During the fall of 2014, the cease-fire was continually violated by the Russian-backed “separatists”, and ultimately collapsed. In order to avoid war and to keep the Minsk process going, the MInsk II Agreement was signed on February 12, 2015, re-establishing a cease-fire, which was to be monitored by observers from the OSCE.

Before France and Germany pressure Ukraine to accede to Putin’s demands to implement his disputed interpretation of the Minsk II Accord, they should examine carefully the history of its implementation, drawing on the reports of the OSCE and its monitors.

It is worth examining carefully the exact terms of the Minsk II Agreement of September 12, 2015, how it was achieved at the barrel of a gun, and how its provisions differ from the original Minsk Protocol of September 5, 2014.


1) “Minsk II Agreement of February 12, 2015 (with full texts in English and Russian),” The Trenchant Observer, February 12, 2015 (updated February 13, 2015);

2) “U.S., France, U.K. and other members should vehemently oppose any Russian-backed Security Council resolution endorsing Minsk II agreement,”The Trenchant Observer, February 14, 2015;

3) “What’s the hurry? Russia pushes hard for U.N. Security Council resolution endorsing Minsk II agreement—a “Munich II” agreement reached under the pressure of Russian military aggression,” February 15, 2015;

4) “Ukraine Update: Renewal of sanctions, “progress”, and one-sided implementation of Minsk II Agreement (with full text in English),” September 2, 2015.

The Trenchant Observer

About the Author

James Rowles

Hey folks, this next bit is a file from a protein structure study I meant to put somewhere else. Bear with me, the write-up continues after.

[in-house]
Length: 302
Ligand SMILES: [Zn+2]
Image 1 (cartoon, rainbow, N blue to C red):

"The Trenchant Observer" is edited and published by James Rowles (aka "The Observer"), an author and international lawyer who has taught International Law, Human Rights, and Comparative Law at major U.S. universities, including Harvard, Brandeis, the University of Pittsburgh, and the University of Kansas. Dr. Rowles is a former staff attorney at the Inter-American Commission on Human Rights (IACHR) of the Organization of American States OAS), in Wasington, D.C., , where he was in charge of Brazil, Haiti, Mexico and the United States, and also worked on complaints from and reports on other countries including Argentina, Chile, Uruguay, El Salvador, Nicaragua, and Guatemala. As an international development expert, he has worked on Rule of Law, Human Rights, and Judicial Reform in a number of countries in Latin America, the Caribbean, Africa, the Middle East, South Asia, and the Russian Federation. In the private sector, Dr. Rowles has worked as an international attorney for a leading national law firm and major global companies, on joint ventures and other matters in a number of countries in Europe (including Russia and the Ukraine), throughout Latin America and the Caribbean, and in Australia, Indonesia, Vietnam, China and Japan. The Trenchant Observer blog provides an unfiltered international perspective for news and opinion on current events, in their historical context, drawing on a daily review of leading German, French, Spanish and English newspapers as well as the New York Times, the Wall Street Journal, the Washington Post, and other American newspapers, and on sources in other countries relevant to issues being analyzed. Dr. Rowles speaks fluent English, French, German, Portuguese and Spanish, and also knows other languages. He holds an S.J.D. or Doctor of Juridical Science in International Law from Harvard University, and a Doctor of Law (J.D.) and a Master of the Science of Law (J.S.M.=LL.M.), from Stanford University. As an undergraduate, he received a Bachelor of Arts degree, also from Stanford, where he graduated “With Great Distinction” (summa cum laude) and received the James Birdsall Weter Prize for the best Senior Honors Thesis in History. In addition to having taught as a Lecturer on Law at Harvard Law School, Dr. Rowles has been a Visiting Scholar at Harvard University's Center for International Affairs (CFIA). His fellowships include a Stanford Postdoctoral Fellowship in Law and Development, the Rómulo Gallegos Fellowship in International Human Rights awarded by the Inter-American Commission on Human Rights, and a Harvard MacArthur Fellowship in International Peace and Security. Beyond his articles in The Trenchant Observer, he is the author of two books and numerous scholarly articles on subjects of international and comparative law. Currently he is working on a manuscript drawing on some the best articles that have appeared in the blog.